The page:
Banks with more than half of Europe’s outstanding mortgages are on the brink of creating a new ‘green’ asset class, which could influence the EU’s green taxonomy, influence capital requirements and trigger the issuance of dedicated covered bonds.
Forty banks, representing some 20% of European GDP, have been working with the European Mortgage Federation on establishing a definition of ‘energy efficiency’ mortgages, creating an IT tagging process and proving a correlation between energy intensity and default risk.
“The mortgage lending business has to change and we need to design a new structure for the entire mortgage market in order to cope with climate change,” explained Luca Bertalot, Secretary General of the European Mortgage Federation, European Covered Bond Council.
Speaking on a Responsible Investor webinar on integrating sustainability into corporate lending earlier this week, Bertalot added that the idea was to prove that energy efficient properties were at lower risk of default, and offered better collateral if default did occur. Therefore, they should be given favourable capital charges by regulators, which would enable banks to pass on better rates to homeowners with eligible properties, which could in turn encourage retrofitting and boost demand for low-carbon housing across the EU.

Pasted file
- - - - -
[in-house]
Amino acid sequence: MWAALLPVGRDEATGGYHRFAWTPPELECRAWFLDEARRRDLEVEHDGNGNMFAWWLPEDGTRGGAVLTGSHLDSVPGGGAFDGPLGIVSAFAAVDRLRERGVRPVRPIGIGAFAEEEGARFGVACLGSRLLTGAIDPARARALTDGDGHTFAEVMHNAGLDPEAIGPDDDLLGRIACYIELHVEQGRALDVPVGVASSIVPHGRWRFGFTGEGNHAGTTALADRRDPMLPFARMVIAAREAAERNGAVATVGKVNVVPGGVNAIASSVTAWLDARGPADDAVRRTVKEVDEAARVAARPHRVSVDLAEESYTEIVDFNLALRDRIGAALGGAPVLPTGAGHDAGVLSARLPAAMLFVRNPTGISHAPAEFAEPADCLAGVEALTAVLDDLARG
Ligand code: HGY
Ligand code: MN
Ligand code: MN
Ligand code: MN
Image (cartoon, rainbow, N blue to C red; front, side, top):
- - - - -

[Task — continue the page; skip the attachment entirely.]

“We will help develop a new IT protocol to help banks manage energy efficiency data, relating to loan to value, probability of default, energy consumption and so on,” he told the audience. “This will create a quantitative basis to help the European Commission to set new standards in terms of capital charges for banks.”“The idea is simple: if you improve your house, your mortgage will be more efficient, so the bank will pay less in terms of capital charge and they can offer better-pricing for eligible mortgages. And we will improve the current collateral stock in the belly of all the European banks, improving financial stability for the whole financial sector.”
The initiative, whose banks include BNP Paribas, Axa Bank, ING Bank, Triodos and Nordea, among many others, launched two years ago but only entered its full pilot stage this summer. One of the key objectives has been to develop a shared definition of energy efficiency mortgages that will be the basis of new mortgage products starting next year.
“We hope to have this definition approved by the beginning of December,” said Bertalot. “And after this, the 40 banks will start to put in their production lines new mortgages which will allow homeowners to finance energy efficiency works.”
In addition, the group “would like to deliver a definition in order to help the [European Commission’s Technical Expert] Group capture properly the work of the initiative” when developing its green taxonomy. This taxonomy could form the basis of a ‘Green Supporting Factor’, offering capital charge relief to eligible green lending by banks.
The initiative is supported under the EU’s Horizon 2020 project.
To listen to the webinar in full, see here.